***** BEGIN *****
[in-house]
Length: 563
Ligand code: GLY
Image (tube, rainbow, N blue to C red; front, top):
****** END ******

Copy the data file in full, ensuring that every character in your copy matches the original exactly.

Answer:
[in-house]
Length: 563
Ligand code: GLY
Image (tube, rainbow, N blue to C red; front, top):